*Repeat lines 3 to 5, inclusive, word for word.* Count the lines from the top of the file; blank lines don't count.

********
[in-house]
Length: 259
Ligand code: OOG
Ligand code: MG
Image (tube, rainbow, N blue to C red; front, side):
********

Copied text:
Ligand code: OOG
Ligand code: MG
Image (tube, rainbow, N blue to C red; front, side):